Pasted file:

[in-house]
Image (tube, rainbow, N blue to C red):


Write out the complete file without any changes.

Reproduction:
[in-house]
Image (tube, rainbow, N blue to C red):